This Umthatha woman is educating rural communities about depression

Pinky Gqeba. (Photo: PinkyG Talk Facebook)
Pinky Gqeba. (Photo: PinkyG Talk Facebook)

A Umthatha woman who was diagnosed with a major depressive disorder (MDD) five years ago is using her experience to teach others in rural Eastern Cape about the condition.

Pinky Gqeba was in and out of hospital before her doctor suggested that she seeks psychological help.

The 32-year-old says she had recurring headaches and frequent mood swings.

“I spent more time in my dark quiet bedroom without taking baths, crying for no reason. I did not want my own children, they were irritating to me. I was always irritable, people irritated me, I withdrew from spending time with my friends. I wanted to be alone. I had suicidal thoughts, my life didn't matter anymore,” she tells Move!.

She says all this time, the doctor thought the severe headaches were migraines. However, after some time the doctor made a suggestion since Pinky was not getting any better.

“The doctor suggested I see a psychologist. The psychologist referred me to a psychiatrist. The psychiatrist diagnosed me with major depressive disorder,” she recalls.

She spent two weeks at a psychiatric hospital. “I was put on anti-depressants instantly to alleviate depression symptoms due to the severity,” she reveals.

She says the depression was triggered by marital and financial problems. “My husband was physically and emotionally abusive. But now we’re going for counselling sessions and things are better,” she explains.

The mother-of-three admits her condition has had impact in her family life. “My husband is still learning about the condition. At times he would not understand but I research and show him that I have no control over things. My older child understands because I told her. My little boys don’t understand why at times their mother would not want to play with them,” she explains.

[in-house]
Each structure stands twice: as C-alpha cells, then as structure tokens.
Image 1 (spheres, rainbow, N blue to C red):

Through it all, Pinky says her mother has been her pillar of strength and a shoulder to lean on. Her mother understands and has been supportive even when she was misdiagnosed.

“My mom was the one who took me to hospital. She understood my predicament and was very supportive,” she says beaming.

Now, Pinky is on medication and goes for check up after three months.

"Your mental health is your responsibility, and your mental health is as important as your physical health," she preaches this message on her Facebook page, PinkyG Talks where she shares her journey.

“I have established a Facebook page "PinkyG talks" where I talk more about my journey of living and overcoming major depressive disorder. It is on that platform that I educate people about depression, taking them through to the stages of depression and how they can prevent or deal with it,” she says.

She tells Move! that the Facebook page is just the beginning. She is going to schools and rural areas to educate people about this condition.

“I am trying to help people to not to be where I was. I want to help rural people the most because they’re not aware. And when depression is left untreated people would think someone is bewitched in rural areas. I will even start in my own village,” she says.

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